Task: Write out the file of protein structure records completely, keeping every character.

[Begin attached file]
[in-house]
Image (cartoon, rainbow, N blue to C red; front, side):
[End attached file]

[in-house]
Image (cartoon, rainbow, N blue to C red; front, side):